Confluent Raises $24M to Commercialize LinkedIn-Developed Apache Kafka

Kafka tackled two problems: integrating disparate data sources and prepping it for real-time stream processing

Jason Verge

July 8, 2015

3 Min Read
Confluent Raises $24M to Commercialize LinkedIn-Developed Apache Kafka
Visualization of Kafka’s role (image: Confluent website)

Confluent closed a $24 million Series B to help it commercialize Apache Kafka, a real-time data streaming service. Founded by the creators of Kafka, Confluent was spun out of LinkedIn in order to commercialize the open source technology.

Kafka makes all types of data available for stream processing and is battle-tested. At LinkedIn, Kafka was used to handle over 800 billion messages across real-time messaging, alerting, and other services.

The developers open sourced the project at LinkedIn and donated it. Confluent founder and CEO Jay Kreps said it initially found its way to big Silicon Valley technology companies, eventually spreading over time to virtually every industry.

There’s a lot of talk of the next-generation data-driven business, a business capable of pulling in all sorts of data and acting on it instantly or near instantly. However, the “data fluid” business has a mess of integration woes to get over. Confluent believes Kafka is the answer. It can act as hub for the flood of disparate data.

“The problem we solve is the proliferation of systems and the resulting mess,” said Kreps. “Different types of data result in multiple point-to-point connected systems. We connect all these systems together. Anything you pump into Kafka is available for stream processing.”

It can be difficult to integrate your data in a single place for analysis, according to Kreps, let alone make it available for real-time processing. It was initially created to handle disparate systems, with the real-time processing part only a hypothesis in the early days.

“We had several different systems, log aggregation, old-fashioned messaging, etc. Each sucked in a different way: one would have no scalability or have weak data delivery guarantees. A lot of it was batch jobs.” Kafka was not only able to handle disparate databases, it was capable of handling real-time data at scale.

LinkedIn's needs are not limited to big social networks but mirror what’s happening in general. There are two trends that have caused Kafka to take off, according to Kreps.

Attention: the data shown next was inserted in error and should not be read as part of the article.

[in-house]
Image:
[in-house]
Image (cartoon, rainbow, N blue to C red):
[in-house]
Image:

“Companies are moving towards more diverse infrastructure setups," he said. "It’s no longer one size fits all, and they’re using data systems of different types, shuffling data back and forth."

"At the same time, there’s an embracing of ‘activity data’," said Kreps. "That's data that shows what’s happening in my business right now; sensor data device data coming from mobile, or the Industrial Internet of things. Web companies have this data – but it’s become increasingly universal.”

LinkedIn Netflix, Twitter, Uber and PayPal, Apple, and Salesforce all use Kafka, but its appeal isn’t limited to the big web-scale companies. Enterprises down to startups building unique real-time data functionality use it extensively. Confluent is a platform for the popular open source project.

Where Confluent adds value is it’s turning the open source project into a platform for diverse data. While Kreps said it's ready to go and has is already used in the biggest cases of mission critical data, it will continue to build out features around Kafka.

The round was led by Index Ventures with participation prior investor and leader of a $7 million Series A, Benchmark Ventures. The company is using the round to build out security and management features around the platform. The company will also extend the number of databases and sources it can plug into.

The company will invest in features like connectors into more databases and systems, security hardening and deeper management and monitoring tools, in addition to commercial support.

There’s a big Internet of Things play as well as an opportunity to act as stream data hub for an enterprise move to micro-services. The trend in both consumer and business world is diverse streams of data. Kafka also acts as a pipeline into Hadoop and works well with offline systems. Kreps compares it to the data warehouses of old tuned for modern data needs.

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